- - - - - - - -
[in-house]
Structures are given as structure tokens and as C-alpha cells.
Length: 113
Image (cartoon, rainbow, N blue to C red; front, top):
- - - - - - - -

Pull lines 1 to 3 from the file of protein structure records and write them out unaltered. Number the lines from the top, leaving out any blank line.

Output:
[in-house]
Structures are given as structure tokens and as C-alpha cells.
Length: 113